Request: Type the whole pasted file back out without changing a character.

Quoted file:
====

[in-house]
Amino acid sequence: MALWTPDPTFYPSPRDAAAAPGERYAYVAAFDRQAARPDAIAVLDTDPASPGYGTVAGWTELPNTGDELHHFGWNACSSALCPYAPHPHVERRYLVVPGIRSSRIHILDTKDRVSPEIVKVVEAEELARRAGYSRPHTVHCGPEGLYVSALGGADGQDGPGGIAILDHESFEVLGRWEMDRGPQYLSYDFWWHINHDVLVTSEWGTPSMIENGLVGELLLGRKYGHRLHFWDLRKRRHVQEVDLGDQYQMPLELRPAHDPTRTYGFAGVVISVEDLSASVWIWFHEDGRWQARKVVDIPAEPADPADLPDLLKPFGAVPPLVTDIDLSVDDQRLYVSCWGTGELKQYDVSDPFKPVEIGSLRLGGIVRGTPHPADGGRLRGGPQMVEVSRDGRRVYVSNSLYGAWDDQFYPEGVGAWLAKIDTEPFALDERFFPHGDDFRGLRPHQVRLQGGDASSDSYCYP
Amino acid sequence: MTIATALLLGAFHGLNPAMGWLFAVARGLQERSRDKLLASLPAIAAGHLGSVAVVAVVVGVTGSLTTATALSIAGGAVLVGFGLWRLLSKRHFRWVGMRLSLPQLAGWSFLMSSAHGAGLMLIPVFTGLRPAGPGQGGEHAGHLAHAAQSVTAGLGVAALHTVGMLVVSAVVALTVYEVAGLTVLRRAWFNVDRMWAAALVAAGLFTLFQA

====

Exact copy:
[in-house]
Amino acid sequence: MALWTPDPTFYPSPRDAAAAPGERYAYVAAFDRQAARPDAIAVLDTDPASPGYGTVAGWTELPNTGDELHHFGWNACSSALCPYAPHPHVERRYLVVPGIRSSRIHILDTKDRVSPEIVKVVEAEELARRAGYSRPHTVHCGPEGLYVSALGGADGQDGPGGIAILDHESFEVLGRWEMDRGPQYLSYDFWWHINHDVLVTSEWGTPSMIENGLVGELLLGRKYGHRLHFWDLRKRRHVQEVDLGDQYQMPLELRPAHDPTRTYGFAGVVISVEDLSASVWIWFHEDGRWQARKVVDIPAEPADPADLPDLLKPFGAVPPLVTDIDLSVDDQRLYVSCWGTGELKQYDVSDPFKPVEIGSLRLGGIVRGTPHPADGGRLRGGPQMVEVSRDGRRVYVSNSLYGAWDDQFYPEGVGAWLAKIDTEPFALDERFFPHGDDFRGLRPHQVRLQGGDASSDSYCYP
Amino acid sequence: MTIATALLLGAFHGLNPAMGWLFAVARGLQERSRDKLLASLPAIAAGHLGSVAVVAVVVGVTGSLTTATALSIAGGAVLVGFGLWRLLSKRHFRWVGMRLSLPQLAGWSFLMSSAHGAGLMLIPVFTGLRPAGPGQGGEHAGHLAHAAQSVTAGLGVAALHTVGMLVVSAVVALTVYEVAGLTVLRRAWFNVDRMWAAALVAAGLFTLFQA